September 15, 2016

    FTP Site Breach: Impact on HIPAA Compliance?

    In order to maintain compliance with HIPAA, any business dealing with private health information or other electronic healthcare data will need to keep a few key things in mind. You will need to focus on not only network security but the physical storage of your data at the same time.

    All file-sharing activities must be validated and only people who expressly need access to a patient’s data to do their jobs should have access. You will need to remain vigilant about file transfers, using both at-rest and in-transit encryption to protect data security from all angles.

    If your organization is found to be in violation of HIPAA in terms of your file transfer services, it is important for you to understand what can (and probably will) happen next.

    The Consequences of FTP Site HIPAA Violations

    One of the most important things to understand about using a business FTP site involves what could (and likely will) happen if your business is found in violation of HIPAA. Under the ARRA, or the American Recovery and Reinvestment Act of 2009, a tiered civil penalty structure was put in place to govern what happens for all HIPAA violations. As you might expect, they can be pretty severe depending on the circumstances.

    Even if you can prove beyond the shadow of a doubt that your organization did not know it was using file transfer services that were in violation of HIPAA, you could still be looking at a minimum penalty of $100 per violation and a maximum of $50,000 per violation with an annual maximum of $1.5 million. If an oversight committee is able to prove that the HIPAA violation resulted due to reasonable cause and not due to willful neglect, the penalty increases to $1,000 per violation at a minimum.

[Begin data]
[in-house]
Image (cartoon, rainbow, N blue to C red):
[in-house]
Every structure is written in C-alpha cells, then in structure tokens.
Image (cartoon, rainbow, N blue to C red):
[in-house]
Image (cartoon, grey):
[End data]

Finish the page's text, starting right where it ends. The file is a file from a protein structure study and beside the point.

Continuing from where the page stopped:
Even if you are made aware that your business FTP site is not in HIPAA compliance and you take action to correct the issue immediately, you will still not be able to get out of any violations that will incur. Under this specific situation, you could be looking at a minimum amount of $10,000 per violation with an annual maximum of $250,000 for any and all repeat violations that are discovered.

    Business FTP Sites and HIPAA Compliant Sites Are Not Created Equal

    One of the most important things to remember about file sharing in the digital age is that not all services are created equal. Many providers will offer you the features necessary to share information with anyone at anytime, but they do little to protect your privacy in a way that allows you to remain current with all HIPAA regulations.

    Cloud-based storage providers like Dropbox, for example, are not examples of file transfer services built with HIPAA regulations in mind. This is not a knock against Dropbox – at no point do they promise that using their service will allow you to maintain compliant with HIPAA. What they do promise – namely ease of use, versatility and functionality – they deliver on (as their millions of unique monthly users can attest to).

    While something like a cloud-based file transfer service may be perfect for home users or students who want to be able to access their coursework from any computer with an Internet connection, they will not allow you to maintain HIPAA compliance and actually could put your entire business in violation by default.


    Martin Horan

    Martin, Sharetru's Founder, brings deep expertise in secure file transfer and IT, driving market niche success through quality IT services.

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